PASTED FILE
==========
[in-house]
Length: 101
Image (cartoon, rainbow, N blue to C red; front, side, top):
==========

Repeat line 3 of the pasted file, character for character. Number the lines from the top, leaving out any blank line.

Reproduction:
Image (cartoon, rainbow, N blue to C red; front, side, top):